Article

Risk-adjusting Hospital Mortality Using a Comprehensive Electronic Record in an Integrated Health Care Delivery System

*Division of Research, Kaiser Permanente Northern California, Oakland †Department of Applied Mathematics and Statistics, Baskin School of Engineering, University of California, Santa Cruz ‡Kaiser Foundation Health Plan, Management, Information and Analysis, Oakland, CA.
Medical care (Impact Factor: 2.94). 05/2013; 51(5):446-53. DOI: 10.1097/MLR.0b013e3182881c8e
Source: PubMed

ABSTRACT : Using a comprehensive inpatient electronic medical record, we sought to develop a risk-adjustment methodology applicable to all hospitalized patients. Further, we assessed the impact of specific data elements on model discrimination, explanatory power, calibration, integrated discrimination improvement, net reclassification improvement, performance across different hospital units, and hospital rankings.
: Retrospective cohort study using logistic regression with split validation.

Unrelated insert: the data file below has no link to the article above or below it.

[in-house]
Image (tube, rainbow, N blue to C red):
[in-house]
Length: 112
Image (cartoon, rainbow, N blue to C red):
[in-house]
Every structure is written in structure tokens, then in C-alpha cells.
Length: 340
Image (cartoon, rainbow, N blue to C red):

: A total of 248,383 patients who experienced 391,584 hospitalizations between January 1, 2008 and August 31, 2011.
: Twenty-one hospitals in an integrated health care delivery system in Northern California.
: Inpatient and 30-day mortality rates were 3.02% and 5.09%, respectively. In the validation dataset, the greatest improvement in discrimination (increase in c statistic) occurred with the introduction of laboratory data; however, subsequent addition of vital signs and end-of-life care directive data had significant effects on integrated discrimination improvement, net reclassification improvement, and hospital rankings. Use of longitudinally captured comorbidities did not improve model performance when compared with present-on-admission coding. Our final model for inpatient mortality, which included laboratory test results, vital signs, and care directives, had a c statistic of 0.883 and a pseudo-R of 0.295. Results for inpatient and 30-day mortality were virtually identical.
: Risk-adjustment of hospital mortality using comprehensive electronic medical records is feasible and permits one to develop statistical models that better reflect actual clinician experience. In addition, such models can be used to assess hospital performance across specific subpopulations, including patients admitted to intensive care.

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